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An increasing number of organisations have spent the last year cutting costs and the result has been a sharp reduction in growth in ITO throughout industry as a whole.
It’s been a curious time for those involved in outsourcing for the IT sector. An increasing number of organisations have spent the last year cutting costs, rationalising and consolidating in an attempt to gain a financial foothold after the recession, and the result has been a sharp reduction in growth in ITO throughout industry as a whole.
If that isn’t enough, new laws have been passed over in the United States to prevent government departments in Ohio from offshoring IT projects – a move described as ‘discriminatory’ and ‘protectionist’ by service providers in India, and one which sets a potentially dangerous precedent.
However, it’s not all been bad news – in the last week there have been signs that outsourcing in the IT sector is once more showing signs of life, with Gartner Research showing that 40per cent of organisations are planning to boost spending on external IT services.
But if it’s true that we are starting to see some light at the end of the tunnel, then where are the opportunities for today’s IT service providers?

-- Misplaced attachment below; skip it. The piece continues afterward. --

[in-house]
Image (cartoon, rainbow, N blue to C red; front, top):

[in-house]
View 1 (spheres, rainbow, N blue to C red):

The public sector is always a thorny issue, and the government’s recently announced austerity measures mean that cost-cutting has been the name of the game for many government IT departments.
Despite this, last week saw BSG win a contract to supply core applications and IT infrastructure for The Nursing and Midwifery Council (NMC), while Bridgend County Borough Council has renegotiated a deal to host its COA Solutions e5 financial accounting system with 2e2. Are these the first signs that the public sector is leading the charge for outsourced IT services?
Perhaps, but then again, it’s equally likely that we could see a change in the way that IT services are outsourced in the public sector. At present, many IT deals are structured to suit big-name vendors who charge premium prices because of their brand.
However, we could start to see deals that appeal more to smaller, lesser known service providers who are able to offer a more cost-effective service, at a fraction of the price of some of the bigger names.
Of course, that’s not to say that the big name service providers are a dying breed. Indeed, many are suggesting that Mark Hurd, newly installed on the executive team at Oracle, will be looking to make a major acquisition to enable them to challenge the likes of IBM and Hurd’s former company HP in the IT services market. Is this yet another indicator that ITO is on the increase?
Of course, as with any form of outsourcing, the real opportunity for the IT sector is to provide a level of service that meets customer needs, and provides a fit that will allow them to meet their business objectives. As long as service providers continue to deliver this, then there’s no reason why ITO shouldn’t thrive in the months and years to come.